Lancaster County's native son James Buchanan, a Democrat, was elected as the 15th President of the United States in 1856, the only Pennsylvanian to hold the presidency. His home, Wheatland, is now a museum in Lancaster. Thaddeus Stevens, the noted Radical Republican, served Lancaster County in the United States House of Representatives from 1849–1853 and from 1859 until his death in 1868. Stevens left a $50,000 bequest to start an orphanage that eventually became the state-owned Thaddeus Stevens College of Technology. Both men are buried in Lancaster.

Slavery and the Christiana incident

Pennsylvania abolished slavery in 1780, although in a slow manner. The existing 6000 slaves in Pennsylvania remained slaves, and the registered children of those slaves were slaves until their 28th birthday. The last slave child registered in Pennsylvania was Haley, born in 1811, and a freedman no later than 1839. Thus Pennsylvania was legally a free state when the Fugitive Slave Law of 1850 was passed as part of the Compromise of 1850.

Being immediately north of the Mason-Dixon line, Lancaster County was an important stop on the Underground Railway. Charles Spotts found 17 stations, including ones with trap doors, hidden vaults, an underground cave and one with a brick tunnel leading to Octoraro Creek.

Edward Gorsuch, probably one of the least cruel, did not beat his slaves, and as a wealthy Maryland wheat farmer, he could afford to manumit slaves in their 20s. He allowed his slaves to work for cash elsewhere during the slow season. There was wheat missing, though, sold to a local farmer by his slaves, and he thought a former slave was responsible for this dishonesty. As he had a bad temper, slaves Noah Buley, Nelson Ford, George Ford, and Joshua Hammond became afraid, and fled to the farm of William Parker, a mulatto who lived in Christiana, Pennsylvania. Parker, 29, was a member of the Lancaster Black Self-Protection Society, and known to use violence to defend himself and the slaves who sought refuge in the area.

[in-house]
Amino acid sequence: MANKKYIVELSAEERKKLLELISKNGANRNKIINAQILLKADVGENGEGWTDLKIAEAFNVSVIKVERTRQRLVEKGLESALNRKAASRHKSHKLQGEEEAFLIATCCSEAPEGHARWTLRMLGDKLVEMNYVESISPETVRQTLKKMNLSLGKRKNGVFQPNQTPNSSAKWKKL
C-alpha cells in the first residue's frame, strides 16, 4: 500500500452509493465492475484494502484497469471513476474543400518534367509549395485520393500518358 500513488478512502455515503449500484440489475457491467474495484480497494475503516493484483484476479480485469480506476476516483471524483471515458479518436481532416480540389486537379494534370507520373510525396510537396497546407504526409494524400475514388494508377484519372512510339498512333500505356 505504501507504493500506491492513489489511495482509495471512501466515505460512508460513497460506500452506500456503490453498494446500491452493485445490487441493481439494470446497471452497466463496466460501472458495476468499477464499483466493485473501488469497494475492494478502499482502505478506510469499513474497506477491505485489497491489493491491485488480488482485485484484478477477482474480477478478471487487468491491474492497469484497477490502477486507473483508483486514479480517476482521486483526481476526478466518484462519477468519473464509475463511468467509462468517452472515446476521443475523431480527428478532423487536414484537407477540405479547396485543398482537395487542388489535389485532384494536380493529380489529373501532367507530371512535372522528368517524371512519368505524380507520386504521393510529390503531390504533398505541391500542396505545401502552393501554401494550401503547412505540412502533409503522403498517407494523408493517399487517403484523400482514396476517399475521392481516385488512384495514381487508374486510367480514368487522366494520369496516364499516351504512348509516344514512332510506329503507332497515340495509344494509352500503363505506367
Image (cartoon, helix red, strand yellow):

Gorsuch obtained four warrants, and organized four parties which set out separately to recover his property. He died in the attempt, though, and others were wounded. Although Gorsuch was legally entitled to recover his slaves, it is not clear who precipitated the violence. The incident was variously called the "Christiana Riot", "Christiana Resistance", the "Christiana Outrage", and the "Christiana Tragedy". It was one of the key moments that struck fear to slaveholders, as it was the black men, not white, who prevailed. Many feared this had sparked the hope and pride for African Americans to later participate in more slave rebellions. This also was one of the first times a recent law of aiding runaway slaves rather than turning them in to authorities was issued as a federal crime, which did not help the slaves cause at all. The riot caused regional and racial tensions to flair up even more, causing more and more of a push to abolish slavery.

In September, 1851, the grand jury returned a "true bill" (indictment) against 38 individuals who were then held in Moyamensing Prison in Philadelphia to await trial. The only one who was ever tried was Castner Hanway.

It is not clear that Castner Hanway was responsible in any way for what happened. He was a white man, one of the first on the scene. Hanway and his horse provided cover for Dickerson Gorsuch and Dr. Pearce, who were wounded. Hanway was tried in federal court in Philadelphia on November 15, 1851 for liberating slaves taken into custody by U.S. Marshal Kline, for resisting arrest, for conspiracy, and for treason. The jury returned a Not Guilty verdict in 15 minutes. Among the five defense lawyers was congressman Thaddeus Stevens.


Religious history